What is metadata, and why does it matter? Research shows that knowledge workers spend at least 30% of their work time searching for the right information, let alone analyzing or manipulating it.
I have seen this scenario repeatedly play out: “A developer who used to work here developed a database which is still in production use daily, but nobody 100% understands some of the more vague columns/fields in a lot of those tables. It never got documented and now that we are a bigger company, we’re trying to make sense of both the data structure and the code that depends on it.”
It’s so common, it’s cliché. The structure of the tables was put together by a developer with good intentions, but the column names might be very vague within the context in which they are used, like ‘Price’ or ‘Name’. That developer knew what she meant, but noone else does! Perhaps the company’s evolving business model is outgrowing and out-pacing the original data-model, or the column names were just poorly chosen. Should ‘Price’ have been named RetailPrice or WholesalePrice? ‘Name’ – LastName, FirstName, MiddleName, FullName, TechnicianName, or CustomerName?
Sometimes the name of the table containing the column gives enough context, more often it doesn’t.
With ‘Name’ you might just figure it out by looking at the actual data stored or the stored procedures that manipulate it. With ‘Price’, it might take a lot longer as you look at the calculations in various stored procedures, and ask business users their understanding of the intent of how the data was stored. Sometimes you never will get a straight answer. For ‘Percentage’, was that a discount percentage (retail, wholesale?), an upcharge percentage, commission percentage? You’re spec’ing or writing a tax report — is that ‘decTax’ a decimal-based column for use-tax or sales tax?
It’s the business’ accountability to give semantics or meaning to data, but it’s the responsibility of information workers to apply that meaning through metadata. Somewhere in the middle is usually a business analyst working to ensure the requirements for software creation or change are written correctly, and that meanings are captured and translated correctly for maximum understanding by IT. Sometimes there is no analyst and it all falls on a developer’s shoulders. The importance of this semantic layer in application development cannot be underestimated.
Fortunately, the solutions are not hard to implement
Fortunately, these time-consuming problems of reverse-engineering old code are very avoidable at the start with a little discipline, and if not avoided in the first-place, can be mitigated over time with tools that already exist and are sometimes free, provided enough of the right people have correct knowledge of the data use-context. Data-architecture reviews during development can solve these conundrums, but more often than not, a developer working closest to the data at the time it’s developed can take just a little more time to get this setup in a better manner and “future-proof” the code to the greatest extent possible at the time of creation.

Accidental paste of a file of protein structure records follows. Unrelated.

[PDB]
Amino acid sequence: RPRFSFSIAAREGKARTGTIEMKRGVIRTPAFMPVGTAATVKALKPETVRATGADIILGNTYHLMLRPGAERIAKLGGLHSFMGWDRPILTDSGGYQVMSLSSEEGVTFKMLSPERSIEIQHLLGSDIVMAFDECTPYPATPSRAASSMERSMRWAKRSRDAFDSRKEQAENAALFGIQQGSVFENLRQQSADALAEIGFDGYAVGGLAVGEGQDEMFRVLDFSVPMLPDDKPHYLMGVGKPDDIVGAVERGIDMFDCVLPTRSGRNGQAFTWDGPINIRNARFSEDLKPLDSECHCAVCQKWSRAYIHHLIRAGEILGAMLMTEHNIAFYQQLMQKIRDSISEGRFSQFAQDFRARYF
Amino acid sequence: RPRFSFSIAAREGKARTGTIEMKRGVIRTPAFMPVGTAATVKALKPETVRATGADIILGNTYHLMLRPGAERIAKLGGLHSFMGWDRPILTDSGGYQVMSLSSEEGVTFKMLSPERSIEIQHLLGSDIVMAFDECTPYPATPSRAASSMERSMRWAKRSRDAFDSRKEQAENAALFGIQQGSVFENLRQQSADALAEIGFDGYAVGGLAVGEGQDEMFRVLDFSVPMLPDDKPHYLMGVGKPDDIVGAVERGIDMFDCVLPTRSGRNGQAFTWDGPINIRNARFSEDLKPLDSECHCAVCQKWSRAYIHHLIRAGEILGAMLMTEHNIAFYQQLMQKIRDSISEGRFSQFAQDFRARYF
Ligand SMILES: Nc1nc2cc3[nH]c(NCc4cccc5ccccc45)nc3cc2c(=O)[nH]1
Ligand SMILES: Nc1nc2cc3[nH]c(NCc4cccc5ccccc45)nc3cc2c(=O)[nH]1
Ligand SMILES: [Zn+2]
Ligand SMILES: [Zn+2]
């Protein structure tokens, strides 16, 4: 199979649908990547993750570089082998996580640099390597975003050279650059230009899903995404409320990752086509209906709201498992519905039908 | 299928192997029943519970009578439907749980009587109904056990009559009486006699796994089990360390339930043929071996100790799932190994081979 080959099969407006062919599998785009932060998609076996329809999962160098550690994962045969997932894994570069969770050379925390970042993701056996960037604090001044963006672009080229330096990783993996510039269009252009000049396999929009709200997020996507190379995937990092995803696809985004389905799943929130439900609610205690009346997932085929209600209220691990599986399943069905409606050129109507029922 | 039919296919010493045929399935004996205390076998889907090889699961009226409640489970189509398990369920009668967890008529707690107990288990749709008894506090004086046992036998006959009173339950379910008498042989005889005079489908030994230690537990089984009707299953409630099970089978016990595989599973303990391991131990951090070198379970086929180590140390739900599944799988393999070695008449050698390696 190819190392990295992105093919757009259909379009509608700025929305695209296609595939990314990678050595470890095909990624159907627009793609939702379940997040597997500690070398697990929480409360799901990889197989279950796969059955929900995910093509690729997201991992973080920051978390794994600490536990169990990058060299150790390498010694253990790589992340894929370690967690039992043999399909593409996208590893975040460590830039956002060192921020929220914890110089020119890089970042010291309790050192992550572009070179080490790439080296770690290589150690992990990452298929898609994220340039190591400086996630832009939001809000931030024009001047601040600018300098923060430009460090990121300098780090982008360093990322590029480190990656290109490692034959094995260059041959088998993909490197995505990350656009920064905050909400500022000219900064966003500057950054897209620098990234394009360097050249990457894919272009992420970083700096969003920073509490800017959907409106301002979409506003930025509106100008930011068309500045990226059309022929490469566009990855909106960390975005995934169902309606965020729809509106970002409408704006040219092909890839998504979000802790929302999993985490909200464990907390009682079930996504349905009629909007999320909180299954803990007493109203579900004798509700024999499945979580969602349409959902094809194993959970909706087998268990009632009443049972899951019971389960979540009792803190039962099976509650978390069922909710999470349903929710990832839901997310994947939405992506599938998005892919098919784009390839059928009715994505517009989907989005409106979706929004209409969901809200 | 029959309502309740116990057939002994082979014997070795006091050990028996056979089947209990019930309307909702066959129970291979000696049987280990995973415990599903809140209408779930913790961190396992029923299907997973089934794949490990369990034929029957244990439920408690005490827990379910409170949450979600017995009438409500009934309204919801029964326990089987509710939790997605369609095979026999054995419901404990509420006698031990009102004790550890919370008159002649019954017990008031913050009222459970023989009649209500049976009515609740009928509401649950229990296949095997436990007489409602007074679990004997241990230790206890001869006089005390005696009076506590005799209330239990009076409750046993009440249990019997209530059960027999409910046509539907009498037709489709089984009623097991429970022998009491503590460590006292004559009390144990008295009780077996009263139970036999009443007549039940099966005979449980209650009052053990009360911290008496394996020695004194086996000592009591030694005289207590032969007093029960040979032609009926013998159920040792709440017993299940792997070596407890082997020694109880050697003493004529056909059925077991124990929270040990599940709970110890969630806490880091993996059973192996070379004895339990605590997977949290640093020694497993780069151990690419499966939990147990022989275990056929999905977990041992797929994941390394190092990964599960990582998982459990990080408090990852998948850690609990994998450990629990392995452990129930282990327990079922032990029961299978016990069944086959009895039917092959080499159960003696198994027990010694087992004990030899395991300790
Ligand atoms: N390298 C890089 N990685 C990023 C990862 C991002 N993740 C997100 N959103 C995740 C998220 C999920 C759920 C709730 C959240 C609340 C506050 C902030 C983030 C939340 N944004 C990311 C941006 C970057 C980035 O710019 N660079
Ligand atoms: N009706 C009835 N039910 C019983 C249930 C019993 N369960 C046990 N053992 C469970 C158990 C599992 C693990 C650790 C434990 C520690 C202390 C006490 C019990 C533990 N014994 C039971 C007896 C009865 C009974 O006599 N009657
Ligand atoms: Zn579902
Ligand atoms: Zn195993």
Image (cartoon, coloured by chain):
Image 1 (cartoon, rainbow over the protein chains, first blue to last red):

From a SQL Server and .NET perspective, I have seen scores of database tables/columns, C#, and VB.NET classes with no metadata to describe the creator’s intent and use-cases. This information about the data stored is crucial to using these data structures correctly – in-turn, allowing software architects, business analysts, database administrators and developers to ensure a correct and mutual understanding of the data they are storing and manipulating.
For C# code, XML doc (documentation) is applied to classes, class-properties, and class-methods via the /// auto-completion trigger. For VB.NET, use the ”’ auto-completion trigger. In SQL Server, similar metadata is typically stored in the MS_Description field, but more metadata fields can be created and customized beyond that, per column, table, or other database object.
Data-dictionaries & Intellisense
Consistently applied, this metadata can be used to drive third-party tools that will pick it up and turn it into data-dictionaries or automatic code documentation that can be periodically refreshed via a scheduled job, for use on a Confluence server, Sharepoint, or other internal website. Think about it – a single-source of truth for what each table and column represents in your SQL Server, after the many developers and DBAs that have modified the database over the years. A single source of truth for the meaning and proper use-cases of every class, property, and method of every namespace in your company’s .NET code. No more having to do extensive code research to figure out by use-context what that field in your table (added ten years ago) really stands for, then not writing it down, and then someone else having to go through that process all over again five years from now when a vendor implementation is underway.
Applied at the database level, plug-ins into SQL Server Management Studio like SQL Prompt will override the very weak Intellisense provided natively and pick up this metadata and display it as you create and modify stored procedures, views, functions, etc. When you are dealing with anything more than a trivial database, this is a huge boon to productivity and coding accuracy. It’s the difference between knowing whether the column named ‘Price’ in the ‘Product’ table refers to a MSRP price, discount retail price, or wholesale price, and whether the internal applications use this column and/or the public-facing website. Knowing that information about the data is absolutely crucial to a software project’s success and a reduction in labor cost.
I think this graphic from eRSA in Australia sums up the need for metadata well, though it comes at it from the perspective of a large research university:
(see below the large graphic for links to my posts where I describe where to view and how to update the metadata in SQL Server)